For portfolio landlords looking to remortgage one or more properties in their portfolio, there are some excellent rates available and there are usually solutions for all scenarios, even the most complex cases. Like-for-like remortgages where no capital raising is required are normally a straightforward option providing the portfolio application meets lender underwriting criteria.

If you are looking to release equity from their property, it is worth checking buy-to-let lending policies to ensure that the reason for capital raising is acceptable to the lender. Lenders normally allow capital raising for a further property purchase, but some may not accept paying tax bills or debt consolidation, while others will provide capital raising for any legal purpose.


Read more


Landlord bulletin: stamp duty extension and capital raising - Mar 09, 2021

In the recent Budget, the Chancellor announced that the stamp duty holiday will be extended by three months to June, with a further three month taper to the end of September. This will be welcome news for clients who are currently partway through the mortgage process, enabling them to complete without incurring additional costs. It is also likely to buoy up the housing market for another few months. However, it has been pointed out by numerous industry pundits that extending the deadline just delays the inevitable cliff edge for those that don’t complete in time, prolonging the current difficulties being experienced within the purchase market.

Surveyors and conveyancers are already dealing with significant backlogs so there are still calls for the stamp duty holiday to be phased out, rather than abruptly come to an end. It is also worth considering the potential efficiencies to be gained by lenders using desk top valuations to speed up the process, particularly for lower LTV and lower risk applications.  This approach was taken by many lenders during the lockdown period when visual inspections were halted, so there is an argument for it to continue in certain circumstances if it would improve service levels.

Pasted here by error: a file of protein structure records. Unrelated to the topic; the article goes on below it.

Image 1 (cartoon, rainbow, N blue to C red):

In 2021, it is coming up to 5 years since the 2016 PRA regulations were introduced which caused a dramatic rise in the number of landlords choosing 5-year fixed rate products. This has lengthened the remortgage cycle for many landlords, but these products will start maturing in 2021, which means it could be an ideal time to review your existing buy-to-let mortgage and explore refinancing options.

It could also be the perfect opportunity for landlords to consider the benefits of capital raising on their buy-to-let properties, especially as there has been a considerable rise in house prices in the past year. The ONS House Price Index for December2020 showed that there had been an annual increase of 8.5%, the largest annual increase since October 2014. The average house price was recorded as £251,500.

Professional landlords may consider releasing equity from their properties to provide the deposit for further buy-to-let purchases, however many lenders accept capital raising for any legal purpose including home improvements.

The coronavirus pandemic has caused changes to the working lives of most people, with many more of us now working from home. This has led people to re-evaluate their housing needs or consider how best to configure their existing home to accommodate new working arrangements. A report by Indeed Ratedpeople.com showed that 55 percent of people are currently working from home and 50 per cent of those polled are planning to make some home improvements.

Projects such as a loft extension, self-contained annex or garden office can not only add value to a property, but also increase the amount of space available for those who anticipate more flexible home working arrangements to continue into the future beyond coronavirus. Some landlord clients may wish to raise capital on their buy-to-let property in order to improve their own home.


Read more